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ALTERNATE INCOME SOURCE FOR FARMING COMMUNITIES IN TRIBAL AREAS

The rural economy has been badly hit, especially in the second wave of the coronavirus. Due to frequent lockdown & weekly shutdown, local industries in nearby towns and cities that employed the villagers are starting to shut down again. This coupled with the lack of demand in the market owing to reduced disposable income, social distancing norms and a general sense of fear has led to a slower recovery as well. The hilly tribal villages in the rural heartland of Southern Odisha follow no different pattern. Agriculture is the major source of income in the region and many also depend on migrant labour and selling non-timber forest products (NTFP). The demand of the latter two has shrunk tremendously since the break of the second wave. Agriculture which proved to be somewhat of a Teflon industry previously is also affected this time. To compensate for the economic loss, Harsha Trust is promoting high-value non-traditional farming activities amongst the rural communities in four districts of Southern Odisha.

The case of Maa Tarini SHG

Puluguda is one such village in the Bissamcuttack block of Rayagada that depends on agriculture. Due to frequent shutdowns and lockdowns, its residents are facing difficulties selling their produce in the nearby markets. The 13 members of MaaTarini SHG turned to mushroom cultivation as an alternate source of income to compensate for the loss of livelihood. Harsha Trust facilitated financial assistance of Rs. 10,000 to the members through Maa Tara Tarini Producer Group to kick start the venture. The Group used that amount along with some extra cash drawn from their SHG savings to prepare a makeshift greenhouse shed, purchased a straw cutter machine to prepare straw for the mushroom beds, plastic bags to store the beds and other inputs like seedlings, wheat and bavistin.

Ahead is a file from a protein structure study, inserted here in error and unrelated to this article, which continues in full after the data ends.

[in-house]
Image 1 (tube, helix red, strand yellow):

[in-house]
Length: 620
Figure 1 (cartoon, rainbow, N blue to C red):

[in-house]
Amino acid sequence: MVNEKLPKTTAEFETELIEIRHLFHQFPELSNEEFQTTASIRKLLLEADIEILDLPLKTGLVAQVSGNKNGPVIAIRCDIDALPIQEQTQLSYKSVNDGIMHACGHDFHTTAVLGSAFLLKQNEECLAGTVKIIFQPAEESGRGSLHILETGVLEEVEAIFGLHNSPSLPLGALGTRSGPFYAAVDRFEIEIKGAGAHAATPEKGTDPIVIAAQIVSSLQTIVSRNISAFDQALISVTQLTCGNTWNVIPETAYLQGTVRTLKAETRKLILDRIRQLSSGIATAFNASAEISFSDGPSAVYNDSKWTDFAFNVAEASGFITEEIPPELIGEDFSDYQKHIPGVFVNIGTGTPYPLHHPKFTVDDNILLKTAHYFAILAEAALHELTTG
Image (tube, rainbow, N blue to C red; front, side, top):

The members of the SHG laid the first beds in March. They collected paddy straw from the fields which they would have otherwise burnt post-harvest and cut the straw with the straw cutter into smaller pieces. The straw was used to prepare beds for the mushroom seedlings. They spread 4 to 5 layers of spawn with bavistin and wheat to supplement the growth in each bed and 150 such beds were made in the first phase. The first batch was harvested within 15 days of laying the beds during mid April. On an average, each bed yielded 550 GMS of mushrooms. The group sold the product at RS. 150/ KG. Instead of selling their produce at the town haats, they focused on their village and nearby areas. The group did business of Rs. 10,500 within the first fortnight of starting the venture. Within a month they broke even and earn a profit of Rs. 10,000. Now they have laid down another layer of beds.

Changing Food Habits to Ensure Nutritional Security

The tribal communities usually consume a combination of rice or millet and pulses as part of their major meals. The lack of vegetable consumption coupled with their rigorous work schedule takes a toll on their bodies. The introduction of mushrooms to the daily diet of these communities can help counter nutritional deficiency to some degree. Mushrooms contain proteins, vitamins and antioxidants that are vital for child growth and pregnant women.

Estimated Expenses
SL.NO.PARTICULARSUNITSAMOUNT
1SHED NET100 SQ. MT.RS.2500
2PLASTIC BAG20 KGRS.1800
3STRAW CUTTER1RS.2500
4MUSHROOM SPAWN150RS.4500
5BAVISTIN100GMSRS.200
6WHEAT1KGRS.30
TOTALRS.11530

Many rural farming communities in India are under the threat of losing their livelihood due to the pandemic induced lockdowns. To secure their livelihood, one has to venture into alternative farming models to compensate for the loss incurred. Village level institutions can be encouraged to take up mushroom cultivation as alternate low-cost farming models to generate additional income. Harsha Trust has actively worked towards ensuring livelihood security in the rural heartlands of Odisha. Since the beginning of the pandemic, we have tried to find sustainable alternate farming models that have higher potential than traditional farming models to help people compensate for the livelihood lost to the economic impacts of the pandemic. We have supported 70 SHGs to take up mushroom cultivation helping 743 members and their families across 7 blocks of South-Western Odisha to secure a steady source of income when other options seemed bleak. We also expect this will help introduce mushrooms which are high in multivitamins and minerals to their daily diet by making them more accessible to counter the problem of malnutrition in rural Odisha simultaneously.

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